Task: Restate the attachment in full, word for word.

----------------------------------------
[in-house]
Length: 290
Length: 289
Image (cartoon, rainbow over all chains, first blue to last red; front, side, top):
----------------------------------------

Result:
[in-house]
Length: 290
Length: 289
Image (cartoon, rainbow over all chains, first blue to last red; front, side, top):